Interview with David Remnick in The Paris Review:
Fifty years ago, at a harp recital in Gloucestershire, a retired British military officer with a clipped aristo accent came across a brown-skinned teenager. “I say, old chap, do you speak English?” the officer said. As a story in Yale’s New Journal recounted, the young man—Kwame Anthony Akroma-Ampim Kusi Appiah—replied, “Why don’t you ask my grandmother?”
“Who, may I ask, is your grandmother?” the retired officer said.
Lady Cripps was Isobel Cripps, the widow of Sir Stafford Cripps, a Christian socialist and Labour politician who had been chancellor of the exchequer and the Crown’s ambassador to the Soviet Union; he was known for his stalwart desire to relinquish Britain’s imperial possessions, from Calcutta to Accra. In 1953, the year of Queen Elizabeth II’s coronation, Stafford and Isobel’s daughter Peggy married Joe Appiah, kinsman of Ashanti kings and a leader of the Ghanaian independence movement. (The marriage would help inspire the film Guess Who’s Coming to Dinner.) A year later, the Appiahs’ first child and only son was born.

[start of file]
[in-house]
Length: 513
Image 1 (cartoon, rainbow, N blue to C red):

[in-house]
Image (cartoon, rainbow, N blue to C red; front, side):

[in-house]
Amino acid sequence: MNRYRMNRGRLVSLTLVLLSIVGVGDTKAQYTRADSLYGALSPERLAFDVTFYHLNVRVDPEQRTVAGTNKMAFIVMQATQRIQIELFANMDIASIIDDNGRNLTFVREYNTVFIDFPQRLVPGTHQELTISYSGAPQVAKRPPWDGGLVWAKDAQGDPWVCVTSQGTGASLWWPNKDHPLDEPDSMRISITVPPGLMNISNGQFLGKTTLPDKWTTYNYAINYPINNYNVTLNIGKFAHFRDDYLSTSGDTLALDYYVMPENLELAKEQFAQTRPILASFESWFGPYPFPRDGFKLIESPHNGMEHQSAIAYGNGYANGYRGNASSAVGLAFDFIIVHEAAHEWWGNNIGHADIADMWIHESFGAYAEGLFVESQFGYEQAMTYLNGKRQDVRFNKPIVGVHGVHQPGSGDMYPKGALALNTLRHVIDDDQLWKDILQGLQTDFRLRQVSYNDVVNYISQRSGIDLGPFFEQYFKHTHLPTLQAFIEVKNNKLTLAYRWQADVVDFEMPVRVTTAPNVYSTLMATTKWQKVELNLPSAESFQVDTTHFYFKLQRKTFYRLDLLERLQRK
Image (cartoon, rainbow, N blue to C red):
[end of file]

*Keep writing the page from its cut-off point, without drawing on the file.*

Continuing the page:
When Anthony was growing up in Kumasi, the capital of the Ashanti region of Ghana, the Appiah household was a locus of political and literary conversation. Among the visitors were the historian and activist C. L. R. James, the Pan-Africanist George Padmore, and the novelist Richard Wright. Joe Appiah instilled in his son a sense of global citizenship and family honor. As Anthony once wrote, “I found myself remembering my father’s parting words, years ago, when I was a student leaving home for Cambridge—I would not see him again for six months or more. I kissed him in farewell, and, as I stood waiting by the bed for his final benediction, he peered at me over his newspaper, his glasses balanced on the tip of his nose, and pronounced: ‘Do not disgrace the family name.’ Then he returned to his reading.”